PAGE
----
Raspberry Pi Ceph cluster

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A Ceph cluster made from Raspberry Pi 3 boards.
(Three B+ models and one older non-plus board.)

Please note: this documentation is not perfect, it’s made for cephs “pacific” release, touches only those things that I have come across to and is mostly just a tutorial / journal for myself.
Real ceph docs: https://docs.ceph.com/en/latest/

If you came here only to figure out how to get ceph running on Pi’s, heres the main points:

  • Use Ubuntu 21.04 Server or newer release made for rpi. RaspiOS or older Ubuntu’s won’t work.
  • Increase the swap file a lot, to like 8GB.
  • Use wired ethernet


If I remember correctly I was browsing the /g/-section of 4chan when I stumbled upon someone mentioning ceph as an option for NAS at home. I did some reading what Ceph actually even was and found this promo video:

This is obviously just a promo video that leaves even some important bits out of it.

I was sold, to me this did seem like a technology that I’m very interested to learn more about.
Open source, scalable, failure resistant, can run on any hardware, what else can you wish from a storage solution? It even has a great documentation.

I’m a big fan of everything when it comes to data storage, pc hardware and inexpensive computers like raspberries so then and there I knew what I wanted to try and do.

I found this article and used it as my initial starting point but later didn’t follow it much at all. However I kept the same idea of having 4 pis, one as a monitor node and three osd nodes.

Building the cluster

This part is obviously somewhat optional as your cluster can physically look however you want it to. It can be clean stack of Pis built on a purpose made case like I have but throwing them into a shoebox or having them just lay on a table works just as well. Keep in mind that at least some sort of air circulation is needed and even more so if you pack them very tightly.

Here I’ll briefly show you with pictures how I built my cluster and what I used to make it look as clean as I wanted it to.

Parts list (for my build)

Items on the list that don’t have a link you need to source yourself, these are items that I already had or I bought second hand.

Setup and deploy Ceph mon node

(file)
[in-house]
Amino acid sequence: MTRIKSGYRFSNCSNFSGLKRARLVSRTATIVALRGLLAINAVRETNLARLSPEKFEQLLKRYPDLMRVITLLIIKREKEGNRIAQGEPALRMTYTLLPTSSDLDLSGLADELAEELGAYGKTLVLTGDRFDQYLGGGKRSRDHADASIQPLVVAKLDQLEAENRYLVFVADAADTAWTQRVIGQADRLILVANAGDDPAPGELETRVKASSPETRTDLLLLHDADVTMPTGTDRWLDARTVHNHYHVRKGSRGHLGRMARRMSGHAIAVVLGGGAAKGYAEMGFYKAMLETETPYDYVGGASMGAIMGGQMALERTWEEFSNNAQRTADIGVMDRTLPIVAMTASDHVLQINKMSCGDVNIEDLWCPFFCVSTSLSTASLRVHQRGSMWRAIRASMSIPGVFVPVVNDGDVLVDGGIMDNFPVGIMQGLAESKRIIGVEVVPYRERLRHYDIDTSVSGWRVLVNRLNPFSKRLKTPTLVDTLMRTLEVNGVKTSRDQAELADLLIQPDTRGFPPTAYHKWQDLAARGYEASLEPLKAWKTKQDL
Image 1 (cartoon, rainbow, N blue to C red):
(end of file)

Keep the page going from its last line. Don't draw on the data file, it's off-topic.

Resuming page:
The actual documentation and content of this post.
(At first I wasted a lot of time not really knowing what I was trying to do.)

First of all, you obviously need to install an OS on all of the Pis.
Use Ubuntu Server 21.04, or whatever is newest Server version now, RaspiOS or Ubuntu 20.04 LTS does not work. At least I had no success with those. Newer Ubuntu Server releases will probably work too but as of writing this in late 2021, 21.04 was the newest release and did work for me.

I assume you know how to install the OS on all of the Pis and know how to set them up so that you have four working Pis ready for further installs. Remeber to change your passwords and changing the hostnames will help you later on when all of them won’t be “ubuntu@ubuntu:~$” and then you get confused and don’t know which one you’re on right now.
My raspberries hostnames are mon1, osd1, osd2 and osd3 so that they match the labels on the stack.


Run sudo apt update and sudo apt upgrade

leave these as is and hit ok

You will probably be asked to reboot the device. Before you do that, you might want to change the hostname of your Pi to match your preferences.

Run sudo nano /etc/hostname, change the hostname in this file and then run sudo nano /etc/hosts and replace any occurrence of the existing computer name with your new one.

Then, sudo reboot and after you log in again, it should say ubuntu@mon1:~$, or whatever you named your device as.

Install ceph:

Next we’ll install Ceph on it:

sudo apt install -y cephadm
sudo apt install ceph-common -y

Run the bootstrap command:

sudo cephadm bootstrap --mon-ip *<mon-ip>*
(Replace the *<mon-ip>* with the ip address of this host, e.g.

This command will:

  • Create a monitor and manager daemon for the new cluster on the local host.
  • Generate a new SSH key for the Ceph cluster and add it to the root user’s /root/.ssh/authorized_keys file.
  • Write a copy of the public key to /etc/ceph/ceph.pub.
  • Write a minimal configuration file to /etc/ceph/ceph.conf. This file is needed to communicate with the new cluster.
  • Write a copy of the client.admin administrative (privileged!) secret key to /etc/ceph/ceph.client.admin.keyring.
  • Add the _admin label to the bootstrap host. By default, any host with this label will (also) get a copy of /etc/ceph/ceph.conf and /etc/ceph/ceph.client.admin.keyring.